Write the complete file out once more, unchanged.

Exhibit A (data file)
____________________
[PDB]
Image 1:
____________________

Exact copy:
[PDB]
Image 1: